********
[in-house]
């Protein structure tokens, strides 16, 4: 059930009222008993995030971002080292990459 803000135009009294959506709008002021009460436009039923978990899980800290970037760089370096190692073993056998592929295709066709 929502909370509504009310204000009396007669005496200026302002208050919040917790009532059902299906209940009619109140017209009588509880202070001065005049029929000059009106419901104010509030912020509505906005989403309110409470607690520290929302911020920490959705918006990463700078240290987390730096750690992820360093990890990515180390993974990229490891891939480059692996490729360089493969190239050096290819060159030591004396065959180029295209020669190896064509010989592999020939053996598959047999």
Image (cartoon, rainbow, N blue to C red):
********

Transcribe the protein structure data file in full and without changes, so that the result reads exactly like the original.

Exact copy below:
[in-house]
């Protein structure tokens, strides 16, 4: 059930009222008993995030971002080292990459 803000135009009294959506709008002021009460436009039923978990899980800290970037760089370096190692073993056998592929295709066709 929502909370509504009310204000009396007669005496200026302002208050919040917790009532059902299906209940009619109140017209009588509880202070001065005049029929000059009106419901104010509030912020509505906005989403309110409470607690520290929302911020920490959705918006990463700078240290987390730096750690992820360093990890990515180390993974990229490891891939480059692996490729360089493969190239050096290819060159030591004396065959180029295209020669190896064509010989592999020939053996598959047999």
Image (cartoon, rainbow, N blue to C red):